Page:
Back in the days of the Space Race, the two main opposing sides were America and the Soviet Union, as they jostled to achieve space superiority. Today, in the age of private spaceflight, much of the focus is on Elon Musk’s SpaceX, Jeff Bezos’ Blue Origin, and Richard Branson’s Virgin Galactic: The battle of three billionaires whose ambitions are too big to remain tethered to Earth’s gravitational pull.
But just like there were more space agencies than NASA and the Soviet space program during the Cold War, there are other promising private space companies today. One of the most exciting is Relativity Space, a Los Angeles-based 3D-printed rocket startup co-founded in 2015 by Tim Ellis and Jordan Noone. With its stated mission objective of “Building Humanity’s Multi-Planetary Future,” the up-and-coming space company recently raised another $650 million in Series E funding.
Relativity’s 31-year-old CEO Tim Ellis fielded questions from Digital Trends about everything from the new heavy-lift rocket, Terran R, to building Lego spaceships as a kid.
Digital Trends: For a lot of the founders in aerospace, the space bug seems to have bitten them early in life. Was there a youthful inciting incident from your perspective that made this an area you wanted to pursue?
Tim Ellis: Growing up, I played Legos pretty extensively. I was 5 to 10 years old, and I would build spaceships. I would always throw away the instructions, and specifically buy ones that only had black Legos, so it looked cool. I was utterly obsessed with design. I originally got into USC and moved from Texas to Los Angeles thinking I wanted to grow up and be a screenwriter. I really was passionate about this idea of making an impact, and that creativity could have an impact on the world, by inspiring.
But the true story was while I was choosing classes for writing during freshman orientation, I walked out and decided [I was] going to be an aerospace engineer. I still don’t exactly know why I decided to do that. I had no preconceived ambitions or notions of being an engineer, much less an aerospace engineer. In college, I decided to join a student group called USC Rocket Lab, which was trying to be the first student-run group in the world to launch a rocket to space. I joined and saw my first rocket engine test in person, out in the desert in Mojave, and I was completely hooked. Then all of the sudden, I got the rocket bug. I ended up writing all the code that designed the rocket to launch to space and then ended up being a leader in the USC Rocket Lab. That’s what got me into Blue Origin (where Ellis had three consecutive internships) and the rest is history.
DT: The fact that you managed to get an early investment from Mark Cuban by cold-emailing him is pretty spectacular. That seems like a lesson for budding entrepreneurs. What happened?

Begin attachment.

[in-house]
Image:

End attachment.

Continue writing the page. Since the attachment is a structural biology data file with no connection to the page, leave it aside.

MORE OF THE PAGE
TE: When we started Relativity, I didn’t have any connections to investors at all. I had no idea what I was doing in running a startup. All I knew was that I was possessed with this idea, and thought that someone needed to make it happen. The very first email address I ever sent from my Relativity Space email address was a cold email to Mark Cuban. I had heard a rumor that he actually reads cold emails, and I had a friend from college that had emailed him once and actually got a reply. I just thought, ‘well, I guess I’m from Texas [where Cuban is based], so let me write him an email.’ The headline was ‘Space is sexy. We’re 3D-printing an entirely 3D-printed rocket,’ and I told him about my and Jordan Noone’s qualifications, what our vision was, and that someone had to be the one to do this. He replied within five minutes. We were asking for $100,000 of a $500,000 funding round, and he responded and said he would give us the whole thing.
DT: There are plenty of big players in the budding private space industry right now, from SpaceX to BlueOrigin — the latter of which you worked at. What makes Relativity Space unique in this domain? What are you doing differently?
TE: Relativity is at the forefront of this inevitable shift towards software-driven manufacturing. Every other company in the world that’s building an aerospace product today is still using the same fundamental premise that was true 60 years ago. We’re still building products one at a time, by hand, with hundreds of thousands to millions of piece-parts, all assembled with a ton of manual labor, in a very complicated supply chain. That has resulted in aerospace products not really fundamentally changing or evolving at the rate of the rest of the world over the last six decades.
Relativity is 3D-printing an entire rocket. I view 3D printing as an automation technology [because] it’s software-driven. We’re 3D-printing 95% of a rocket. The way our factory looks is entirely different than what existed before. We’re really inventing a new paradigm and a new tech stack for aerospace. It’s not just about building and assembling the rocket; it’s how it’s designed, how we test it, how it’s analyzed, what it looks like. All of that is reinvented by Relativity and [we’re] going to build an entirely new type of company that people haven’t seen before in this industry.